Louis Napoleon elected President of France

Prince Louis Napoleon was forty when he won the election for the French presidency on December 10th, 1848.

Louis Napoleon Bonaparte
Louis Napoleon Bonaparte

Prince Louis Napoleon was forty when he won the election for the French Presidency in 1848, a small, reserved, enigmatic man with chestnut hair, brown beard and a pointed moustache. Polling well over 5 million votes, he won one of the most remarkable victories in French history, though he had never held public office or distinguished himself in any worthwhile capacity. The nostalgic vote which carried him to power looked back to the greatness of France under his uncle, Napoleon I, whose name he carried and whose heir he claimed to be.

Charles Louis Napoleon Bonaparte, born in Paris in 1808, was both the nephew of Napoleon I and the grandson of the Empress Josephine. His father, who was king of Holland at the time (and who had doubts about whether the boy was really his), was Napoleon I's brother Louis. His mother was Hortense de Beauharnais, Josephine's daughter by her first husband.

Louis Napoleon last saw the first Napoleon as a boy of seven and grew up in exile in Switzerland and Germany, imbibing from his mother a profound admiration for his uncle's genius and a romantic longing for France, his lost homeland. The death in Vienna in 1832, at the age of twenty-one, of Napoleon I's only son, the Duke of Reichstadt, allowed Louis Napoleon to regard himself as the true Bonaparte heir and he made vain attempts to bring off coups in France in 1836 and in 1840. Though comically unsuccessful, these failures brought him useful publicity and in prison at the castle he called 'the university of Ham' he was allowed to correspond with politicians in opposition to the government under Louis- Philippe, publish articles in newspapers and issue self-promoting leaflets. People in the know considered him an ass, but in 1846 he escaped and took refuge in Britain. He installed a riding teacher as his mistress, had his corns treated by a chiropodist named Eisenberg, to whom he gave enthusiastic endorsement in French in The Times, and bided his time.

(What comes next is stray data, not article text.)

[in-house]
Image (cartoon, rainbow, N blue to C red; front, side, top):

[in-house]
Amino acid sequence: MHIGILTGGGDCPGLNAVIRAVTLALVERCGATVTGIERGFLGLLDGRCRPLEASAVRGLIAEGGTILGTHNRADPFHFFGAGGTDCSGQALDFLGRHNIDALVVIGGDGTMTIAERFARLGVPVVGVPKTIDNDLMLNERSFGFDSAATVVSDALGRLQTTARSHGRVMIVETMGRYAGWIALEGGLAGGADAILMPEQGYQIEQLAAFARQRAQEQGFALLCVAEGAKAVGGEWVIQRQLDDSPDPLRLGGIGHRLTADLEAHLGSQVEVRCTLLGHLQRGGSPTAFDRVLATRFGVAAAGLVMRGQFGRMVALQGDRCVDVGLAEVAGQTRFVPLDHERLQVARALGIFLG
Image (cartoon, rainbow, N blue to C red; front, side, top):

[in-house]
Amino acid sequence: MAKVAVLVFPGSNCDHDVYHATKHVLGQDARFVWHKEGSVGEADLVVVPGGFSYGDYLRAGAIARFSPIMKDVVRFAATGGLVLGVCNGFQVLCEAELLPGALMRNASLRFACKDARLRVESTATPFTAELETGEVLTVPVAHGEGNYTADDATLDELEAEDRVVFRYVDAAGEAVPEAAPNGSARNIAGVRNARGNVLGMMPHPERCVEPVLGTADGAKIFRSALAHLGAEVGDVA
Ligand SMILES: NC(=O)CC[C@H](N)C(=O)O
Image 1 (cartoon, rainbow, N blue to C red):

It came after Louis-Philippe was dethroned in the revolution of February 1848 and elections were held for a constituent assembly. A Bonapartist faction nominated Louis Napoleon as a candidate and he won a seat and arrived in Paris in September. At this point a new political group called the Party of Order, formed by a desperate anti-socialist alliance of Roman Catholics and monarchists, adopted him as its candidate for the presidency, more because they could not agree on anyone else than for any better reason. Adolphe Thiers, the distinguished historian who was the party's leading figure, considered Louis Napoleon a cretin.

The cretin seized the opportunity astutely. He was a fresh figure on the scene, which was a great advantage, he had total faith in his destiny, which was another, and he could parade as a person above party politics. Karl Marx sourly remarked that because Louis Napoleon was nothing, he could appear to be everything. His opponents' attempts at ridicule, caricaturing him riding a goose he was trying to transform into an imperial eagle, merely rebounded to his advantage by reminding people of his Napoleonic connection. He wooed the electorate with promises to restore France's lost glory, and assurances of prosperity, advancement and a happy future for every group and social class in the country. As one of his biographers commented, he came down impartially on all sides.

The strategy worked like a charm with all classes, but especially among the peasantry. Country people marched about firing guns and drinking in support. Grizzled veterans of his uncle's armies proudly donned their uniforms and growled their approval. Crowds flocked to the polls on December 10th, bawling, 'Death to the rich!' and 'Aristos and usurers to the guillotine!'. Of the total vote cast, by 75 per cent of the electorate, Louis Napoleon won three-quarters and was swept into office.

Professional politicians were shocked, but the new president and most of France had had quite enough of them. He went on to rid himself of the Party of Order and destroy the Second Republic with the support of a handful of Bonapartists in the National Assembly. Steering his own men into key positions in the army and the administration, he took advantage of an economic down-turn in 1851 to present himself as the strong man who would save France from socialism and collapse. In December he carried out a successful coup, put down his opponents by force and sent the assembly packing. In 1852 he made himself Emperor of France as Napoleon III and the following year married the beautiful Eugenie de Montijo. The stage was set for the substantial achievements and the ravishing style of the Second Empire.

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